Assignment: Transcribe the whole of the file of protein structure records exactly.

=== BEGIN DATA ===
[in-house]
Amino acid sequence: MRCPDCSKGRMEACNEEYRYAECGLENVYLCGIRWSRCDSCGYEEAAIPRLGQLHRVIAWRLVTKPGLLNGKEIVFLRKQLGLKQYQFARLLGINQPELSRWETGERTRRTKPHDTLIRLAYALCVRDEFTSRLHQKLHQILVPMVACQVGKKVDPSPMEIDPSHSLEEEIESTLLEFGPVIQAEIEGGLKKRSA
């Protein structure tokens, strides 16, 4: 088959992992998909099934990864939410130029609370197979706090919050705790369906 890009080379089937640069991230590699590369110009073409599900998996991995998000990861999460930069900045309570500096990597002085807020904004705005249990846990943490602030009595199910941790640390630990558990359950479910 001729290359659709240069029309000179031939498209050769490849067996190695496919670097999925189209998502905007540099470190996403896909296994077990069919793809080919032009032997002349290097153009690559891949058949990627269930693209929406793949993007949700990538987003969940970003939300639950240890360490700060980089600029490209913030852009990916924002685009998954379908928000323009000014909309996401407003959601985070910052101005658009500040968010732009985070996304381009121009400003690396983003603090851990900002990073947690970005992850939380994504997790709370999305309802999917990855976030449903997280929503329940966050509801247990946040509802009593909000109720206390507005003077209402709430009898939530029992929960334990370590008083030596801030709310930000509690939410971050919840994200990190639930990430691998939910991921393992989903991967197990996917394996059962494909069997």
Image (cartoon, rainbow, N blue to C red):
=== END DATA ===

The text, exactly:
[in-house]
Amino acid sequence: MRCPDCSKGRMEACNEEYRYAECGLENVYLCGIRWSRCDSCGYEEAAIPRLGQLHRVIAWRLVTKPGLLNGKEIVFLRKQLGLKQYQFARLLGINQPELSRWETGERTRRTKPHDTLIRLAYALCVRDEFTSRLHQKLHQILVPMVACQVGKKVDPSPMEIDPSHSLEEEIESTLLEFGPVIQAEIEGGLKKRSA
């Protein structure tokens, strides 16, 4: 088959992992998909099934990864939410130029609370197979706090919050705790369906 890009080379089937640069991230590699590369110009073409599900998996991995998000990861999460930069900045309570500096990597002085807020904004705005249990846990943490602030009595199910941790640390630990558990359950479910 001729290359659709240069029309000179031939498209050769490849067996190695496919670097999925189209998502905007540099470190996403896909296994077990069919793809080919032009032997002349290097153009690559891949058949990627269930693209929406793949993007949700990538987003969940970003939300639950240890360490700060980089600029490209913030852009990916924002685009998954379908928000323009000014909309996401407003959601985070910052101005658009500040968010732009985070996304381009121009400003690396983003603090851990900002990073947690970005992850939380994504997790709370999305309802999917990855976030449903997280929503329940966050509801247990946040509802009593909000109720206390507005003077209402709430009898939530029992929960334990370590008083030596801030709310930000509690939410971050919840994200990190639930990430691998939910991921393992989903991967197990996917394996059962494909069997």
Image (cartoon, rainbow, N blue to C red):